My Family History

Trace your ancestors and then immortalise them!

                              THE   ROUGHANS

This history would not have been possible without the work that Kathleen Roughan's grandson Eugene Godden has carried out at Genes Reunited. His valuable research gave me the foothold that I needed in order to proceed further. In March, 2012, this history received a huge boost, when Eileen Roughan's daughter, Helen Holbrook, came across the website. Helen's valuable information and recollections have added considerably to each section. So, considerable thanks to Eugene and Helen for their telling contributions.

Roughan is very much a County Clare name. You will find Roughans in every corner of the world, partly due to the emigration from Clare during the mid-19th Century potato famine. Many of these were young females who set sail for Australia and America and married when they got there. Hence the name changed but not the Roughan blood. Many young men also left Clare,before and around the turn of the century,to seek employment. Martin Roughan was such a man and his story you will meet in these pages. Another Clare man,from nearby Ennis, Abe Grady, left in the 1860s and married a freed African-American slave. Their son also married an African-American, and one of the daughters of that union was Odessa Lee Grady, who married Cassius Clay Sr. Their son, of course,  was Cassius Marcellus Clay who became Muhammed Ali.

The name Roughan is of early medieval Irish origin, and is an Anglicized form of the Old Gaelic "O'Ruadhachain, O'Ruadhain", descendant of Ruadh(ach)ain. "Ruadh" means red and was originally given to one with red hair or a ruddy complexion.
The County Clare Roughans were an ecclesiastical family connected with monasteries as far afield as Swords and Lismore. Felix O'Ruadhain was of the Ui Fiachrach or Ui Maine, ancient population groups in Connacht. Seven members of this sept were bishops of Connacht dioceses in medieval times. Petty's 1659 "census" of all Ireland gives O'Roughane as a principal name in the barony of Bunratty, East Clare and Roughane in the barony of East Carbery, Cork.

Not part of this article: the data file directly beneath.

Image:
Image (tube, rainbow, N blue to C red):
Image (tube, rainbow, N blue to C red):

Before I discovered the Clare connection, I had always thought the Roughans came from Cork. In fact the actual spelling of the name indicates which county the person is from. Rohan or Rohane is Cork and Kerry. Ruane is Kerry. Rowan is from all provinces but mainly Galway. Roughan,itself, is Clare and Limerick. Whatever the spelling, it is a West of Ireland name. Elinor Roughan’s marriage to John Launders in Limerick in 1765 is the first recording of the exact spelling ‘Roughan’. Felix O'Ruadhain, Archbishop of Tuam, County Galway in 1215 is the first recording of the original name.

An interesting account of a siege that took place in 1641 which mentions the Roughans:
“The castle of Inchicronan in County Clare was besieged, the 13th of March, by Gilladuff O’Shaughnessy and the O’Gradys, and some Connaughtmen that were returning home; whereupon Anthony Heathcot sent a letter to the Earl of Thomond, promising him a rick of wheat if he would please to relieve him. The Earl, accompanied by Dermot O’Brien, and John MacNamara, repaired to Inchicronan, with his own troop, and fifty Englishmen in arms, but finding the besiegers had decamped, he killed two or three rogues whom he found remaining in the bushes.
He then returned home. The besieged, thinking all was safe, ventured forth to obtain provisions, but the O’Gradys and Roughans falling upon them, killed nine, suffering only one, Newman, to return with news. Now Gilladuff and the rest came against the castle again, and compelled Heathcot to throw it open and pay him twenty pounds. Heathcot, with his adherents, retired to Ballyallia and Clare castle, in a state of utter destitution.”

There is a townland in County Armagh called Roughan, near Newmills and Dungannon, in which lies the historic Roughan Castle. It was built about 1618 by Sir Andrew Stewart,overlooking Roughan Lough. It is a small square castle, three storeys high with a central tower 20 feet square, flanked by thick rounded towers at each corner. It was once the refuge of Phelim O’Neill, leader of the Irish Rebellion of 1641 in Ulster.He was captured there in 1653 and taken to Dublin, where he was hanged for treason.